Where to even start? As a huge Charles Sheeler fan from early on, my first reaction was “GET IT.” This 1941 Sheeler photo is unusual so many ways. First off, the subject is a person, though one who is surrounded by the artifacts of early Americana that provided a grounding for the artist’s own modernist and precisionist leanings.
More on this person in a second, but second, this print was just deaccessioned by the Museum of Modern Art, and I missed the end of the Christie’s online auction because I was driving–and I forgot.
2.A? It was a new acquisition included in a 1943 exhibition of portrait photography. It hung next to Berenice Abbott’s portrait of Atget, which was a loan from the artist.
The print was a gift of Abby Aldrich Rockefeller, the Modern’s co-founder. It is unsigned. The back has adhesive residue and an accession number. So I guess technically it might have been an exhibition print; back in the day, the connoisseurial taxonomies of photography were obviously less rigid, as were the accession guidelines of the Department, never mind there was a war on.
Anyway, such an illustrious provenance should smooth over any concerns. And yet the Christie’s estimate was only $5-7,000, a tiny fraction of a more typical Sheeler print. And the thing only got one bid, $1,500, and sold for just $1,875.
Maybe it’s time to go back to the first and most obviously striking thing about this portrait: the subject, an elderly African American woman with an apron, sitting in an antique kitchen, who, according to the photo’s title, is “Aunt Mary.” But whose Aunt Mary? Not the photographer’s, presumably, and not Abby Rockefeller’s, right? Well.
“Aunt Mary” turns out to be a character, a fictional enslaved worker in the kitchen of the Governor’s Palace at Colonial Williamsburg, another Rockefeller-founded culture venue that had just opened in 1934. On decades worth of Williamsburg postcards “Aunt Mary”, described as a “servant,” sits, head down, in a placid, domestic tableau.
To his credit, Sheeler photographed this unidentified performer as a person, not as a prop. Who was she? What was her job like? Assuming she’s from the area, southern Virginia, she looks too young to have been enslaved herself, but certainly old enough to be the child of former slaves. Until a push by activists and historians in the 1970s, “Aunt Mary” was one of the very few non-white historical characters in Williamsburg.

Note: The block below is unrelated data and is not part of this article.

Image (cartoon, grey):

But why was Sheeler making it? I know and love his documentary photos from the Metropolitan Museum, but did he cover Williamsburg, too? Last year Kirsten Jensen curated a show of Sheeler’s fashion photography for the Michener Art Museum in Pennsylvania. What other Sheeler series and projects are lurking undiscovered in archives out there?
[2020 update:] While looking at some Met Museum Sheelers I’m reminded that Rockefeller was a supporter and collector of Sheeler’s art, and also invited him to photograph Colonial Williamsburg in 1935-36, thanks to Edith Halpert. So there are indeed more images out there, including Stairwell, Williamsburg, and whatever he used to make Kitchen, Williamsburg, duh.]
[2020 update again:] I just found this image was reproduced in a Life Magazine profile of Sheeler in 1938. The caption is pretty bad. This woman is identified as “Aunt Mary,” the enslaved character, even as she’s quoted–in Sheeler’s telling to the reporter–as the re-enactor she is: “Mr. Rockefeller has taken photos of me, so I guess you might as well, too.”
And then, “Because she is a stuffed shirt in a kitchen where nothing is cooked. Aunt Mary is an exception to the Sheeler fondness for functionalism.” Because LIFE does not understand the concept of performance, or a job, or a person, when that person is Black. Or maybe it’s Sheeler.